Judicial Vacations: Misconceptions Addressed

Judicial Vacations: Misconceptions Addressed

During proceedings in the Supreme Court, which were centered around an original suit brought forth by the State of West Bengal, alleging that the Central Bureau of Investigation (CBI) had been conducting probes within the state without the requisite general consent.

Justice Gavai urged Solicitor General Tushar Mehta, representing the central government in this matter, to wrap up his arguments within three days. This, he explained, would enable the court to draft its judgment during the upcoming summer vacation. Additionally, the court set a deadline for both parties to conclude their arguments before the commencement of the Supreme Court’s summer vacation.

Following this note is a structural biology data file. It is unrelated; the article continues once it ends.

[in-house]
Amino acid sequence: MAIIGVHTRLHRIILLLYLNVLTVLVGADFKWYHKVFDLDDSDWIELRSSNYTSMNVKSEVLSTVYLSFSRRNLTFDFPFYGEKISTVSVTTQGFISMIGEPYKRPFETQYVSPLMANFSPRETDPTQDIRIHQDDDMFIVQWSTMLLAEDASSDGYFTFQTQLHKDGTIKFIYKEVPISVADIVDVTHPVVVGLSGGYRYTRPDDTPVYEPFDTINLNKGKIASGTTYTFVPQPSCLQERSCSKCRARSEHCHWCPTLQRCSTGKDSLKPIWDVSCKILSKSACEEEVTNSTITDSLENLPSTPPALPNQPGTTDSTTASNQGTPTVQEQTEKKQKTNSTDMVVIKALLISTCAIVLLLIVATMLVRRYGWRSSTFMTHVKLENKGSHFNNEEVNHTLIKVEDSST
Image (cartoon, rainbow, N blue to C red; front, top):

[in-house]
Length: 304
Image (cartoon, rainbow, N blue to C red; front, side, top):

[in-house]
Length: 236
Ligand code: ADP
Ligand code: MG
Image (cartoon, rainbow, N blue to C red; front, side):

Justice Gavai took a moment to address misconceptions about judicial workloads, emphasizing that weekends and public holidays are not exempt from their duties. “People who criticize often overlook our continuous engagements, including assignments and conferences,” he noted.

In response, Kapil Sibal, representing West Bengal, acknowledged the demanding nature of the judicial role, labeling it as one of the toughest in the nation. Solicitor General Mehta echoed this sentiment, highlighting the complexity of judicial responsibilities. “All those who criticize that Supreme Court and high courts are on long vacations, they don’t know how judges work,” he remarked.

The bench acknowledged the importance of the summer recess for crafting lengthy judgments, prompting Justice Gavai to express gratitude saying that, “Thank God! I am now a senior judge, and don’t have to sit during vacations.”

Read More: Supreme Court, Delhi High Court, States High Court, Other Courts, International

Recommended For You

About the Author: Hemansh Tandon